Lightfield capture is one of the more intriguing technologies to hit the photographic world in years — and one that could eventually have a big impact on 3D filmmaking.
The tech is like something out of a sci-fi novel: Shoot a picture now and worry about focus later. It’s something that has been predicted as a possible replacement for the stereoscopic camera, since true lightfield capture would give filmmakers the flexibility to choose 3D settings in post — something that’s only possible now through post conversion.
But there are a couple of hurdles. First: The initial batch of lightfield capture still cameras are only now coming to market. Video cameras (3D or otherwise) are still a little further down the road.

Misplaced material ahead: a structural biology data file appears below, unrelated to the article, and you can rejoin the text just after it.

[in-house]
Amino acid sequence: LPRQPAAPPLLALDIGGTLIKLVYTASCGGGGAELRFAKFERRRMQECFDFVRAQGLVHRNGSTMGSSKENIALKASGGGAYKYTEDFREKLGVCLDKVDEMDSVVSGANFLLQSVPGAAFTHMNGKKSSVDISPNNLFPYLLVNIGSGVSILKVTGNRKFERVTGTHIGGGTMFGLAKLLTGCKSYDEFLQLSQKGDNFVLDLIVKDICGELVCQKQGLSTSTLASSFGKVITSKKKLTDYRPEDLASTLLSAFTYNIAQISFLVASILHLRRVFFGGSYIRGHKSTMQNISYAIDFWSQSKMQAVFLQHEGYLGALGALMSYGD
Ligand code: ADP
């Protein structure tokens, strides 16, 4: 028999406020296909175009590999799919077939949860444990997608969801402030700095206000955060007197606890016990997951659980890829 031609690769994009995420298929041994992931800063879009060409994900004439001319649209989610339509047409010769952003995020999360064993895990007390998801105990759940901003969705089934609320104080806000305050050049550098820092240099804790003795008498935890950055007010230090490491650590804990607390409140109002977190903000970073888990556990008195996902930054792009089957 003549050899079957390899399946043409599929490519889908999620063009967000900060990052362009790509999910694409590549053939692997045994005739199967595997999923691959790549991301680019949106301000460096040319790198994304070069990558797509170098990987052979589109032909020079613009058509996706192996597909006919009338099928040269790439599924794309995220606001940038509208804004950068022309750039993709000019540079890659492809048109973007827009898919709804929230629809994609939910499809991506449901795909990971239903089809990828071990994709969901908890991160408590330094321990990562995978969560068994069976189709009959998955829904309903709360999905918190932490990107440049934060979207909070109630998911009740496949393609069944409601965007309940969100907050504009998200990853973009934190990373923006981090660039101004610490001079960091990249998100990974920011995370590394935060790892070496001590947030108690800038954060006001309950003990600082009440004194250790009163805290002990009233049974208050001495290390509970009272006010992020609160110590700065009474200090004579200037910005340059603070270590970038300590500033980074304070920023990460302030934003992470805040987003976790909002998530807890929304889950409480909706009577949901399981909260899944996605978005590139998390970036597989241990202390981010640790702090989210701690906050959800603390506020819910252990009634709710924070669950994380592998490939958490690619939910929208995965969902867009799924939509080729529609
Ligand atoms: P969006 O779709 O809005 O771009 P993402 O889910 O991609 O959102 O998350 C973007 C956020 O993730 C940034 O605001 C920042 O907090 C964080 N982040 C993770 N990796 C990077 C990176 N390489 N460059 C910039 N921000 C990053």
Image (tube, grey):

More importantly, though, working with lightfield is a completely different process for filmmakers, something that camera manufacturers think will result in industry resistance.
“With the high-definition migration, the key to getting people to start to use HD was when the workflow became the same,” says Joe Facchini, vice president of Media and Production Services for Panasonic Solutions. “Professional people are not that interested in changing their workflow.”
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